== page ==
When I hit the 22-mile marker, I knew what I had to do to qualify. Two 7:15 miles and two 7:30’s would do it.
Problem was, I was sure I didn’t have it in me. Having barely been able to manage 7:30’s for miles 21 and 22, and fading fast, I knew was just a matter of time until the complete breakdown happened and my legs turned to lead.
Why was I slowing down like this? I had eaten almost 200 calories an hour, gotten Gatorade at each water stop, and paced myself well. The stiff wind in our faces almost the entire time didn’t do much to help though. Maybe I just wasn’t in shape to qualify for Boston yet.
The first half of the race had gone just as planned. I had avoided getting too excited and running too fast, forcing myself instead to slow down and enjoy the beautiful surroundings of upstate New York in the fall whenever I felt myself speeding up. I ran the first half just a bit faster than the 7:17 pace I had planned on, banking about a minute and crossing the 13.1 line in 1:34:30. At one point I felt like I wanted to throw up, probably because I wasn’t used to eating so much. But that urge passed quickly, and though the headwind had caused me to work quite a bit harder than I had hoped, I felt I had put myself in good position to repeat it in the second half of the race.
I kept up the pace through mile 18. And then it all started to go. 7:15 became 7:20, which became 7:33. My legs felt crampy, my stride was forced, and it was all I could do to run 7:30’s for miles 21 and 22.
At this point, I felt everything slipping away. All the work that had gone into this, down the drain. Not that it really would have been wasted, but of course you don’t think of that when you’re 20 miles into a marathon and facing the realization that you’re not going to do the sole thing you’ve worked for six months (and in some sense, seven years) to do. I envisioned a sad ride home and a miserable few weeks as I figured out what to do next. I even thought about what I would tell you, the readers of my blog. So many of you have told me that you knew I could do it, and having to tell you and my friends that I had failed seemed like the worst thing in the world. The idea of just abandoning the blog, never posting about the race or ever again, even flashed through my mind. (I would never do this, but like I said, you just don’t think straight under these conditions.)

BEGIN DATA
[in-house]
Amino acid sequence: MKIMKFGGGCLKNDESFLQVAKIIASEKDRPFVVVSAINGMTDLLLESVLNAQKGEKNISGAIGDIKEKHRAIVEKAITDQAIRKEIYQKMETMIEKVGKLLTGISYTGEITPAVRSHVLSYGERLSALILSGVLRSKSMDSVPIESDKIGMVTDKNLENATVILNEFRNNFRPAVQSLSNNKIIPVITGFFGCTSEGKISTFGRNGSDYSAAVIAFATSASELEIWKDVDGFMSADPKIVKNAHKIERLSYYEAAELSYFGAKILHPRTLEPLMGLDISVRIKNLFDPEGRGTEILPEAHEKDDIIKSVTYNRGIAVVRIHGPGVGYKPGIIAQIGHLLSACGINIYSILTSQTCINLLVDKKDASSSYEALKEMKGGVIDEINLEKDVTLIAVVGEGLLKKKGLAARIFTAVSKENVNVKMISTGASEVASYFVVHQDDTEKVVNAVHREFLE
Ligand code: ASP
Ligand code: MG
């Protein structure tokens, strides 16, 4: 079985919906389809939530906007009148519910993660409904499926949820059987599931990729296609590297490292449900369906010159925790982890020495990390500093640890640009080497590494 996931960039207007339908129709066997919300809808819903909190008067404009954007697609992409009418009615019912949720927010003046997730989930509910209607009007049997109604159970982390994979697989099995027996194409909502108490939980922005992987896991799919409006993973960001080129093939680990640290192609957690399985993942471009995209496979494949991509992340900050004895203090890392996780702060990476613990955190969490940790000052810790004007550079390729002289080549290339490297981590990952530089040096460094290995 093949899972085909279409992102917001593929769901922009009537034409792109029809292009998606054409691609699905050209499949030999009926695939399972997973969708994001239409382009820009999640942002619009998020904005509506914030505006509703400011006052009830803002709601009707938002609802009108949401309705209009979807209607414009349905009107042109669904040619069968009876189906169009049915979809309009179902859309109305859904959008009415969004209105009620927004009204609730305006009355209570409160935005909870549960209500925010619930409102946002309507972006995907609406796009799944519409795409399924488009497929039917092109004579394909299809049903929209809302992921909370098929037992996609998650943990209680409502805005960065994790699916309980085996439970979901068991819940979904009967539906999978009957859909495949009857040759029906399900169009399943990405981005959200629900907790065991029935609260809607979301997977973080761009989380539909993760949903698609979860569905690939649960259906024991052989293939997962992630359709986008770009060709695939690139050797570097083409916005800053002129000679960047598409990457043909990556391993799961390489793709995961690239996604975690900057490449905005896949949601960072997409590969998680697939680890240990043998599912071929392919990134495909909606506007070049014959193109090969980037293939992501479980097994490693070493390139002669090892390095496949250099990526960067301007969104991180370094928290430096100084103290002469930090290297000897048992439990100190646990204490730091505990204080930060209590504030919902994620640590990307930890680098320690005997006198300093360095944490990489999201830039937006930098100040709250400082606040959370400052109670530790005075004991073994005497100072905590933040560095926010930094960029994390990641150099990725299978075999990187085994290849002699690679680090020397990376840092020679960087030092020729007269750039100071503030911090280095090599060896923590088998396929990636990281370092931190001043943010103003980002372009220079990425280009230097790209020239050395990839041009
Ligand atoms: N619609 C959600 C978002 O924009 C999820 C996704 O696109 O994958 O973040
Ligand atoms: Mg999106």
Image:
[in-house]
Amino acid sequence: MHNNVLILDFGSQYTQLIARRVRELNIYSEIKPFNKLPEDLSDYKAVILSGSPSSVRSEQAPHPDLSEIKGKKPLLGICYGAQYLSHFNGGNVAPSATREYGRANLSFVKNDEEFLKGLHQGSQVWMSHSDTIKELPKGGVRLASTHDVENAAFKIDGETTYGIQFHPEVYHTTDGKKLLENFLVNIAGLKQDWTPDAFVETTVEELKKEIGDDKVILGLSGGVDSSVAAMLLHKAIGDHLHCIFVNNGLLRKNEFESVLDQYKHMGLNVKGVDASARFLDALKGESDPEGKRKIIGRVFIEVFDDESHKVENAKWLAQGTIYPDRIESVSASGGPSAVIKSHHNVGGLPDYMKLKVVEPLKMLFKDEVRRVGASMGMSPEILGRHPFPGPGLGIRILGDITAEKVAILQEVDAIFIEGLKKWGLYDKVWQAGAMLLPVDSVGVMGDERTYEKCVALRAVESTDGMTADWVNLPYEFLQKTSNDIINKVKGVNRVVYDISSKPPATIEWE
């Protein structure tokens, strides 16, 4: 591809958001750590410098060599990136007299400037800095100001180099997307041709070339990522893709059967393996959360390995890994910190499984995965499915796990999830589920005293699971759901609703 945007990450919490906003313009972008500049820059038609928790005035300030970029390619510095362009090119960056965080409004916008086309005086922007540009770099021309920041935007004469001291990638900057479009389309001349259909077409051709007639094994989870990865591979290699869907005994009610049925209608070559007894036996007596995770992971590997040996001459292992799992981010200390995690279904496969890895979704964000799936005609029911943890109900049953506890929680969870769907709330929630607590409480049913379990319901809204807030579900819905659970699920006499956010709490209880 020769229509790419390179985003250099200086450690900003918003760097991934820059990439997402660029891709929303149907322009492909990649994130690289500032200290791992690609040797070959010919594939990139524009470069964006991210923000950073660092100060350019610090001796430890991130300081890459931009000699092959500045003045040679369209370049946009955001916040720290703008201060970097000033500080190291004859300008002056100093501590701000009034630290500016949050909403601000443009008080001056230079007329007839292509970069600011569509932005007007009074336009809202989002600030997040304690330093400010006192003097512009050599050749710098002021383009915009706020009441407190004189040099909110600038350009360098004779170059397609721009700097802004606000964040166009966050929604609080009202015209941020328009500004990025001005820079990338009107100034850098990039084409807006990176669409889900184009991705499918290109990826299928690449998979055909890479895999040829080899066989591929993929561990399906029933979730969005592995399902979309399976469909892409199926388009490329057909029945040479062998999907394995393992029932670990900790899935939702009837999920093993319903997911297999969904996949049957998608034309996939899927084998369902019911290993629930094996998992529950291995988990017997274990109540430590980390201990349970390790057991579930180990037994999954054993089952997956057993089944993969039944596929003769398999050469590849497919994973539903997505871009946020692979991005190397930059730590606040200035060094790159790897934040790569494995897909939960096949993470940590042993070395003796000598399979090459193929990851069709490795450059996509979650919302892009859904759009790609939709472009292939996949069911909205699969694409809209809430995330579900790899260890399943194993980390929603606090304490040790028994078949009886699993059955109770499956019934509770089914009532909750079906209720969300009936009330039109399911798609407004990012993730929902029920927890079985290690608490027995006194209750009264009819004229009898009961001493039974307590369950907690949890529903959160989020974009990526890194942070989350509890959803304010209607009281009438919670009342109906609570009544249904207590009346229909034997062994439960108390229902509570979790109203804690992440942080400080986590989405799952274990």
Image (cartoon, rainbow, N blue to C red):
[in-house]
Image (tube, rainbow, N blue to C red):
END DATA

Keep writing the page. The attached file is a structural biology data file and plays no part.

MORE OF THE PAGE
Such was my state of mind when I finished the 22nd mile. I’ve been there before in other marathons, realizing that the pace I need to run the last few miles in to hit my goal is just not going to happen. And just waiting for the meltdown.
The meltdown, though, held off. And then an idea hit me.
If somehow, just somehow, I could do two more 7:30’s, that would leave me with 2.2 miles to go, needing a 7:15 pace for that remaining distance to sneak in under 3:10:59 and qualify. It would have been impossible for me to run a 7:15 right then and there. Why I had any faith that I could actually speed up during the last two miles of a marathon is beyond me; the final miles have always been the slowest in my previous races. But if I knew that I only had two miles left, that all the pain I’d gone through would be worth it if I could just leave it all on the course and really suffer for just 15 minutes before collapsing in the grass, then maybe I could make it happen.
Surprisingly to me, the first part of my plan worked. Talking to myself, grimacing in pain, and doing what probably looked more like shuffling than running, I hung onto that 7:30 pace for miles 23 and 24. At this point I was eschewing water stops altogether, not even looking up at the volunteers’ faces to say “Thank you for helping.” I was really, really hurting and about as focused as I’ve ever been.
When I started mile 25, I said (out loud) to myself, “There’s got to be more.” I never talk to myself, and when I see it people do it in movies I gag and think that nobody really does that. But I did. I didn’t mean “I know there’s more; let’s see it.” Rather, I meant “If you’re going to do this, then you have got to give more than you realize you have available to give.”